The result of the prior art then is that one may obtain some cold cheese followed by a dark brown or burnt bit of cheese which may be too hot, ultimately followed by cheese of the correct temperature which comes from the pump beneath the spout. An additional disadvantage is that the hot block of metal is closely associated with the end of the spout and the user of the cheese pump may be burned if he accidentally touches the heated block.

I have solved this problem in a unique manner as will be clear upon full reading of the description of a preferred embodiment. In general terms, however, the manner in which I have solved this problem is to encase the tube spout in an insulating sleeve having a foil or the like heating wrapper within the insulation and approximating the outer surface of the tube over its entire length. In accomplishing this I had to solve a number of problems, one of which was the manner in which the end of the spout was maintained properly heated and yet maintained in such manner that the cheese could be dispensed from the completely heated end. I accomplished this by making a spout which was essentially a straight spout mounted at an angle to the container of melted cheese, with a portion cut out of the end of the insulating sleeve and a hole provided in the spout near its end with a closing plug to seal off the end of the spout and sleeve thereby maintaining uniform heat conditions, but with hot cheese always available for dispensing through the hole in the spout and a properly shaped opening in the heating and insulating sleeve adjacent the end of the spout.

It is an object of this invention to provide a method and apparatus for maintaining a cheese dispensing spout at such temperature that the cheese within the spout remains at the recommended and desirable temperature, even during periods when the spout is not being continuously used;

Another object of this invention is to provide a means for heating a cheese spout wherein there is no danger of a user being burned by a device being used to attempt to maintain a warm spout during periods of non use.

The foregoing and other objects and advantages of this invention will become apparent to those skilled in the art upon reading the description of preferred embodiment which follows, in conjunction with a review of the appended drawings.


FIG. 1 is a schematic perspective of a melted cheese dispenser pump of customary construction, but wherein the heated and insulated spouts of this invention are in use;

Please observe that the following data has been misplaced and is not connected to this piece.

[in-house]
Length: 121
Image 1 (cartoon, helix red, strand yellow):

FIG. 2 is an enlarged, broken away, partially sectioned side elevation of a pump handle and spout from FIG. 1;

FIG. 3 is a partially sectioned and broken away side elevation of the prior art;

FIG. 4 is a partially sectioned, partially exploded perspective of a preferred embodiment of an apparatus to practice the method of this invention;

FIG. 5 is a front end elevation of the apparatus as shown in FIGS. 1 and 2;

FIG. 6 is the same view as FIG. 5 but with the end plug removed;

FIG. 7 is a section on 7--7 of FIG. 4;

FIG. 8 is an enlarged, partially broken away, schematic view of the receiving end of the cheese tube;

FIG. 9 is a disconnected, broken away, sectioned view of an alternate connection for the heater; and

FIG. 10 is a partially broken away side elevation of an alternate embodiment.


It is preferable to first look at FIG. 3 which shows a pump for melted cheese (known in the art) 30. The pump has a handle 31 of customary construction known to those in the art for pumping the cheese out and a spout 33 terminating in the end 35 wherein the cheese is expelled, and the spout as normally used is bent 34 and at 34a in a customary manner known to those in the art.

The cheese will be expelled through the opening 35 of the tube 34 upon depression or other operation of the pump handle 31. This is bringing the melted cheese from the container at 32 up through the various elements as indicated and as known to those skilled in the art.

In this entire art there has always been a problem that the tube 34 contains cheese which becomes cooled relative to that in the container 32 because the unit is used intermittently.

Attempts have been made in the past, and this is the only known prior art, to cure this by a heat sink portion 36 with sleeves 36a around the end of the spout. This is controlled by heat element 37 and results in a high heat at the area immediately adjacent the connection of the heat sink 36 and the spout 34.

At 33a, there will be cold cheese or other such product; the same thing will exist at 33.

Meantime, the heated cheese in 32 will remain constant and properly heated.

However, at the area 36a and more particularly directly adjacent the area 36b, controlled by control unit 37, there will become a burnt or overheated section of the cheese 33b. The jacket at 36a is of little value in this connection.

My invention compared to the prior art, is explained completed by reference to the balance of the figures.

At FIG. 1 there is shown generally a number of condiment dispensing compartments 11 and the heated compartment 12 having the cheese pump unit 20 with a remaining opening which can receive a similar pump or can be used for ladling or other purposes.